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Foliofn - LC / Re: Folio notes bought but never got -- ie buy orders cancelled by LC
« Last post by Fred93 on January 16, 2018, 07:13:43 AM »
I suspected that LC might offer institutional access earlier than we get to see notes on the market.

Ah. Conspiracy theories.  Fun, but doesn't seem likely to me.  The volume on the secondary market is too low.  No reasonable sized "institution" would be able to use this tiny market.  Small hedge funds need to be >$100M in size to be reasonably profitable.  By the time you pay the lawyers, securities custodians, a software guy, a receptionist, the customer guy who scares up investors, office rent, share fees with finders, etc...  I believe the secondary market is dominated by retail investors.  The volume just isn't here.  Took me a year to get $100k invested in the secondary market.

Of course part of any good conspiracy theory would be that the volume of this hidden trading is ... hidden from us.  I just don't buy it.  (sorry for the pun)

Quote
Today it occurred to me that there's an easy way to test this. I put up a note for sale, a great seasoned note with a 5% discount that any reasonable algorithm would snatch up, and I timed it to see how long it would take to sell.

A little over 3 1/2 minutes later it appeared in the API, and was snatched up-- by my own process on another account.

Cool experiment.

Quote
I now think that there are just several of us with automated processes doing purchasing, and sometimes someone else gets to the note first. But as you've said, with the lack of liquidity in this market, is it worth it to try and further optimize the process?

My working presumption is that there are simply quite a few of us, in a fair competition.  I'm not sure of that tho.  I figure if its a fair competition, then I can win. 

In the primary market, I've been running my own software since January 2015, and in the first two years it almost always won.  In other words,  I got the loans I bid on a large fraction of the time.  I think this means I implemented well and figured out the tricks before other people did.  During 2017, my success rate decreased substantially.  There are now some days where I don't win any.  I am guessing this means other folks have caught up.  Luckily the volume in the primary market is large enough that I can still operate.  I only mention this to say I had a good experience automating the primary market, so figured the same was possible in the secondary market.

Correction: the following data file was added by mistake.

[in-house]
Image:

The investment of figuring out the secondary market note evaluation process, writing the software, is behind me, ie sunk cost.  Mostly I just let it run.  However, from time to time I do study where I'm failing and try to understand.  For example, the recent look into why so may successful transactions are cancelled.  I think I understand that pretty well now.  In the end there was no useful revelation there. 

It is a bit of a puzzle still why so many of my secondary market buy orders fail with NOTE_NOT_AVAILABLE status.  Could it be that there are enough other automated players, who have their software working well enough that they just beat me to the notes I want a good fraction of the time?  Are there tricks that they've figured out that I haven't?  Is the market broken in some way that just makes it look like somebody gets there first?  I don't know the answers.  The TOTAL lack of transparency in the secondary market makes it quite challenging to answer such questions.  One has to learn by experiment, as you have.

The protocol for the primary and secondary market, and the internal timing of the implementations, are so different that success in one doesn't tell you how to proceed in the other.  You've already discovered a lot of the minutia re how the secondary market works, the timing oddities etc. 

No conclusion.
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Foliofn - LC / Re: Folio notes bought but never got -- ie buy orders cancelled by LC
« Last post by Dave101 on January 15, 2018, 11:52:10 PM »
Even doing no scraping,  I lose most of the notes I bid on.  Somebody gets to 'em before I do.  Perhaps I simply have many competitors and its all fair.  I don't know.  However, if I delay even a few seconds, I believe my results will be much worse.  Not impossible, but I think still impractical.

I suspected that LC might offer institutional access earlier than we get to see notes on the market. Today it occurred to me that there's an easy way to test this. I put up a note for sale, a great seasoned note with a 5% discount that any reasonable algorithm would snatch up, and I timed it to see how long it would take to sell.

A little over 3 1/2 minutes later it appeared in the API, and was snatched up-- by my own process on another account. I now think that there are just several of us with automated processes doing purchasing, and sometimes someone else gets to the note first. But as you've said, with the lack of liquidity in this market, is it worth it to try and further optimize the process?